Brexit continues to dominate the headlines as Theresa May’s Withdrawal Agreement fails to pass through the House of Commons for the third time. A rejection of the eight other Brexit alternatives has placed the UK in a constitutional crisis. May’s pledge to resign upon the completion of Brexit has started the race for the next leader of the Conservative party and Prime Minister.
However, long gone are the “classical liberal” candidates of the Conservative past. David Cameron’s fall from grace heralded the beginning of the party’s domination by an extreme free-market, “Brexiteer,” whereas it was previously known for its defence of “British Liberalism.” Now, candidates such as Boris Johnson, Jacob Rees-Mogg, and Liam Fox, who eerily resemble the hard right-wing of the USA or Canada rather than the traditional liberalism of the British Tories, are poised to take over. Candidates such as Sajid Javid and Jeremy Hunt are representative of the traditional Conservative establishment that seeks to continue the liberal approach and a softer Brexit but are at a significant disadvantage to the more extreme candidates who can count on the support of a significant proportion of the Tory membership.
However, it is not only the Conservative Party which has suffered the death of liberalism within its ranks. The election of Jeremy Corbyn in 2015 as leader of the Labour Party heralded Labour’s return to the hard left of its past – with policies of re-nationalization and proto-republicanism. Corbyn has pledged to “bring key utilities back into public ownership” and his association with Irish Republicans has engendered accusations of terrorist sympathy and disdain for the British state. The “Blairites,” who dominated during Tony Blair’s premiership from 1997 to 2007, are long gone, and the term is now considered a slur against those Labour MPs who continue to oppose Corbyn’s hard-left platform. As the left and right move further away from each other, who is left to occupy the middle ground of pragmatic centrism?
The once powerful Liberal Democrats, who captured 57 seats in the 2010 General Election and acted as coalition partners to David Cameron’s Conservatives, have been decimated. They hold only 12 seats in the current parliament, less than the Scottish National Party (SNP) and only two more than the Democratic Unionist Party (DUP), and face an upcoming leadership election with the resignation of Sir Vince Cable.
The sole hope for British Liberals is in the newly-formed Change UK, formerly The Independent Group – a party created by former Labour and Tory MPs who have turned their backs on their respective parties’ moves to the far ends of the spectrum. This new formation of MPs supports a second referendum, focuses on progressive policies, such as excessive chief executive pay and investing in public services, and ultimately seeks to fix the “broken” politics of the UK. This represents the first major political split since the formation of the Social Democratic Party in 1981.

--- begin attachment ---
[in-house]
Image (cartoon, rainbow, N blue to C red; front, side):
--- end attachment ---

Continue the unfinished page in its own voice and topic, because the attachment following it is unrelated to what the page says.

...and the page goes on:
However, as the new members are being encouraged to stand for by-elections by Corbyn, Change UK’s ability to survive has been questioned. Should the MPs be defeated, the British centre will, yet again, be plunged into darkness. Increasing political polarization is certainly not a new phenomenon in Europe, but the UK has, until recently, always been considered a bulwark against the populism sweeping across the continent.
The Brexit vote, and ensuing negotiations, have led to a radical realignment of the British political system and represent a possible new future for the British Constitution. For pragmatic liberals in the UK, there is a little space to turn or stand up for their beliefs. Why has this occurred? In a simple answer – it was no single cataclysmic event, but a slow erosion of Neo-Liberal values. From the failure of the Iraq War to the Financial Crisis of 2007-8, Blairites and One-Nation Tories alike have been blamed for the European bureaucracy which has swallowed British sovereignty and spat it out.
The resulting Brexit vote represented the fulfillment of this anger and a complete rejection of the classical liberals. Even Corbyn is hardly considered a “Remainer” or a supporter of a second referendum – he, it has been argued, is more inclined to see a complete rejection of the traditional British political system and a collapse of a Tory government than a successful Brexit. The right-wing of the Conservative Party, led by Jacob Rees-Mogg and Steve Baker of the European Research Group (ERG), may well yet hold the keys to the kingdom. Should a hard Brexit prevail and the new Prime Minister have the surname Johnson, Rees-Mogg or Corbyn, the British liberal should consider itself truly defeated.
The opinions expressed in this article are solely those of the author and they do not reflect the position of the McGill Journal of Political Studies or the Political Science Students’ Association.
Featured image by Michael Levine-Clark, via Flickr Creative Commons.